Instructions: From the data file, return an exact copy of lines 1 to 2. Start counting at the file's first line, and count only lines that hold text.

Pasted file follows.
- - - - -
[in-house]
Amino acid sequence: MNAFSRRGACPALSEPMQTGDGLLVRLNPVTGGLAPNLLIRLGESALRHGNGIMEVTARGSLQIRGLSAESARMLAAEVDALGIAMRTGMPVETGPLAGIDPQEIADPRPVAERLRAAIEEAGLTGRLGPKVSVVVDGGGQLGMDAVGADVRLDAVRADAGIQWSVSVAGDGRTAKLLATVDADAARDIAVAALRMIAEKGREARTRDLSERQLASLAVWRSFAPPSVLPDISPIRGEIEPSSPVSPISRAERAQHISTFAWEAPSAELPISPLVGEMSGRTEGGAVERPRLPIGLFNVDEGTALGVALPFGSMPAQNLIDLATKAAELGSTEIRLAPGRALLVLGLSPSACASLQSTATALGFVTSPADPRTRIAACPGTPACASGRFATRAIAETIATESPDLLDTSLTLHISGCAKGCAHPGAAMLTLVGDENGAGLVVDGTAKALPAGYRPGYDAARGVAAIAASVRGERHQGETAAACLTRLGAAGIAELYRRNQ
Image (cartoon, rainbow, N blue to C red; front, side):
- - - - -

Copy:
[in-house]
Amino acid sequence: MNAFSRRGACPALSEPMQTGDGLLVRLNPVTGGLAPNLLIRLGESALRHGNGIMEVTARGSLQIRGLSAESARMLAAEVDALGIAMRTGMPVETGPLAGIDPQEIADPRPVAERLRAAIEEAGLTGRLGPKVSVVVDGGGQLGMDAVGADVRLDAVRADAGIQWSVSVAGDGRTAKLLATVDADAARDIAVAALRMIAEKGREARTRDLSERQLASLAVWRSFAPPSVLPDISPIRGEIEPSSPVSPISRAERAQHISTFAWEAPSAELPISPLVGEMSGRTEGGAVERPRLPIGLFNVDEGTALGVALPFGSMPAQNLIDLATKAAELGSTEIRLAPGRALLVLGLSPSACASLQSTATALGFVTSPADPRTRIAACPGTPACASGRFATRAIAETIATESPDLLDTSLTLHISGCAKGCAHPGAAMLTLVGDENGAGLVVDGTAKALPAGYRPGYDAARGVAAIAASVRGERHQGETAAACLTRLGAAGIAELYRRNQ